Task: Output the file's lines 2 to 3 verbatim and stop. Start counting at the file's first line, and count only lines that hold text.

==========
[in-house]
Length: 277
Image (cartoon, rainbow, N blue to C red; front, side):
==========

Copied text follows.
Length: 277
Image (cartoon, rainbow, N blue to C red; front, side):